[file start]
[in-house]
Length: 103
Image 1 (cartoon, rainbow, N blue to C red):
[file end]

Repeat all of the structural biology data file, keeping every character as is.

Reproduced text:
[in-house]
Length: 103
Image 1 (cartoon, rainbow, N blue to C red):